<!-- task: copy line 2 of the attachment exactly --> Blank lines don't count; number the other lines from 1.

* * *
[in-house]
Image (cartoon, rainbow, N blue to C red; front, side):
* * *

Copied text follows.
Image (cartoon, rainbow, N blue to C red; front, side):